Steele’s office has said that they are not bound by the unusual so-called no prosecution agreement because it was never put in writing nor followed the set procedure for such arrangements – and that is why everyone is in court Wednesday.
The earlier part of today saw longtime Cosby lawyer John P. Schmitt take the stand under questioning from Steele. Schmitt told the D.A. and the court that he too had known about the 2005 deal from Castor that the actor could never be prosecuted so he would speak freely in depositions in a civil case from Constand. Later on Wednesday, Dolores Troiani, who was Constand’s attorney in her civil case, told Steele that she never was told about a no-prosecution deal for Cosby by ex-D.A. Castor, nor his office or the actor’s lawyers. “When she first approached Mr. Castor’s office we were not confident he would prosecute because he was running for some sort of office and he would not want to alienate those fans of Dr. Huxtable,” Troiani said in court referencing the once massively popular Cosby character from his top-rated 1980s sitcom.
The explosive unsealing last summer of portions of the 2005 deposition by Cosby in the civil case by the former director of operations for Temple University’s women’s basketball team divulged that the actor did have prescriptions for Quaaludes in the 1970s that he planned to use to have sex with women. Originally speaking to police in her native Canada, Constand claimed that Cosby sexually assaulted her in January 2004 in his Philly mansion after drugging her with pills.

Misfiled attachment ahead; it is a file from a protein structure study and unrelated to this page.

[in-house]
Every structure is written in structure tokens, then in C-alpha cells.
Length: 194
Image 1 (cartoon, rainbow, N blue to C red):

The controversial unsealing led to a deluge of new cases being filed last year against Cosby as the decade-old deposition fitted the description of behavior and methods that many had claimed the actor had also used against them. Today in court, Judge O’Neill weigh whether Cosby’s deposition was the core of the new charges or if other statements that both the actor and Constand made, play a role as well.
Still, as Castor’s testimony revealed yesterday, the ex-D.A. felt back in early 2005 there was “insufficient, credible and admissible evidence upon which any charge against Mr. Cosby related to the Constand incident could be proven beyond reasonable doubt.” Later in the day, Castor stated that despite that he thought that “Andrea Constand was inappropriately touched by Mr. Cosby” and he wanted her side to “win.”
Earlier, Cosby’s lawyers, the prosecution and the packed courtroom listen as Castor explained he did not seek “any quid pro quo” from Cosby’s lawyers in 2005. However, Castor added, he went for the in-perpetuity no-prosecution deal so he could make sure Cosby didn’t claim the fifth amendment in any civil action the ex-Temple University employee pursued. He informed the court that this was within his understanding of his “sovereign” state power as D.A. and that he made the decision known at the time to now deceased Cosby lawyer Walter M. Phillips and in a press release sent out at the time.
“My choices were to leave the case open and hope it got better,” Castor said on Tuesday afternoon. “Or definitively close the case and allow the civil court to provide redress to Ms. Constand.” Though critical of the way Canadian-born Constand initially started her claims against Cosby of drugging and assaulting her in 2004, Castor was candid about what he wanted to come out of any potential settlement – “I was hopeful that I had made Ms. Constand a millionaire.”
Constand’s civil case against Cosby did eventually result in a settlement in 2006.
Mark Dent & Chris Krewson contributed to this report.